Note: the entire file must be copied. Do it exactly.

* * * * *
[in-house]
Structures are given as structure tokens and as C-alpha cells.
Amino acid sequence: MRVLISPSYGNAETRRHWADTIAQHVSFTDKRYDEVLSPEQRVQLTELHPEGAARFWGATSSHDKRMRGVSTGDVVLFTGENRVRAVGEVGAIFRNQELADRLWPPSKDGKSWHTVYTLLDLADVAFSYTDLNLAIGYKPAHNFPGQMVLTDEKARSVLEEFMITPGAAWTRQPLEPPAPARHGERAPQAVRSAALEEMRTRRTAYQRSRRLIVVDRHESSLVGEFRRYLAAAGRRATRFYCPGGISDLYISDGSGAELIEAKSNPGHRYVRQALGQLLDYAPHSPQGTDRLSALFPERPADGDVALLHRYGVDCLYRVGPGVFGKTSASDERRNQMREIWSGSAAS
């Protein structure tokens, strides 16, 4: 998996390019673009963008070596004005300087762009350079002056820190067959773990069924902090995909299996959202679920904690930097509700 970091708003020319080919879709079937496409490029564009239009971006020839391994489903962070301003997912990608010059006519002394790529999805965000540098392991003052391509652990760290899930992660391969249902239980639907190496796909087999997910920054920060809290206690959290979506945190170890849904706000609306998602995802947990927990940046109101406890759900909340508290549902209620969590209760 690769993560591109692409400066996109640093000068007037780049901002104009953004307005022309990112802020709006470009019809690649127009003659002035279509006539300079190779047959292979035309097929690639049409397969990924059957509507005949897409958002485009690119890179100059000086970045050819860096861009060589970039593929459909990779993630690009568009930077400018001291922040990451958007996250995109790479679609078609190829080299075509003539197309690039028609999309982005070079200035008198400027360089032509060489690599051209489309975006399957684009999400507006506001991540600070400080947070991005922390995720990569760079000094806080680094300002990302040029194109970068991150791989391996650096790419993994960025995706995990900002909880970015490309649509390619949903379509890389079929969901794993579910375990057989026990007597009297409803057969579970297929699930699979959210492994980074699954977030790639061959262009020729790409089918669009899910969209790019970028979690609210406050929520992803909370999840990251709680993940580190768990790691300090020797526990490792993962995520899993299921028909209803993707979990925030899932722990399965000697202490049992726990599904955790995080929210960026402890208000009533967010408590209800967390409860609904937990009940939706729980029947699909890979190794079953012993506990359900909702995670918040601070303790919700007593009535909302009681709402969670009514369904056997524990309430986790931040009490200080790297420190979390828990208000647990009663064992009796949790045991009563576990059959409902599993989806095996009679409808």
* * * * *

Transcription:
[in-house]
Structures are given as structure tokens and as C-alpha cells.
Amino acid sequence: MRVLISPSYGNAETRRHWADTIAQHVSFTDKRYDEVLSPEQRVQLTELHPEGAARFWGATSSHDKRMRGVSTGDVVLFTGENRVRAVGEVGAIFRNQELADRLWPPSKDGKSWHTVYTLLDLADVAFSYTDLNLAIGYKPAHNFPGQMVLTDEKARSVLEEFMITPGAAWTRQPLEPPAPARHGERAPQAVRSAALEEMRTRRTAYQRSRRLIVVDRHESSLVGEFRRYLAAAGRRATRFYCPGGISDLYISDGSGAELIEAKSNPGHRYVRQALGQLLDYAPHSPQGTDRLSALFPERPADGDVALLHRYGVDCLYRVGPGVFGKTSASDERRNQMREIWSGSAAS
């Protein structure tokens, strides 16, 4: 998996390019673009963008070596004005300087762009350079002056820190067959773990069924902090995909299996959202679920904690930097509700 970091708003020319080919879709079937496409490029564009239009971006020839391994489903962070301003997912990608010059006519002394790529999805965000540098392991003052391509652990760290899930992660391969249902239980639907190496796909087999997910920054920060809290206690959290979506945190170890849904706000609306998602995802947990927990940046109101406890759900909340508290549902209620969590209760 690769993560591109692409400066996109640093000068007037780049901002104009953004307005022309990112802020709006470009019809690649127009003659002035279509006539300079190779047959292979035309097929690639049409397969990924059957509507005949897409958002485009690119890179100059000086970045050819860096861009060589970039593929459909990779993630690009568009930077400018001291922040990451958007996250995109790479679609078609190829080299075509003539197309690039028609999309982005070079200035008198400027360089032509060489690599051209489309975006399957684009999400507006506001991540600070400080947070991005922390995720990569760079000094806080680094300002990302040029194109970068991150791989391996650096790419993994960025995706995990900002909880970015490309649509390619949903379509890389079929969901794993579910375990057989026990007597009297409803057969579970297929699930699979959210492994980074699954977030790639061959262009020729790409089918669009899910969209790019970028979690609210406050929520992803909370999840990251709680993940580190768990790691300090020797526990490792993962995520899993299921028909209803993707979990925030899932722990399965000697202490049992726990599904955790995080929210960026402890208000009533967010408590209800967390409860609904937990009940939706729980029947699909890979190794079953012993506990359900909702995670918040601070303790919700007593009535909302009681709402969670009514369904056997524990309430986790931040009490200080790297420190979390828990208000647990009663064992009796949790045991009563576990059959409902599993989806095996009679409808």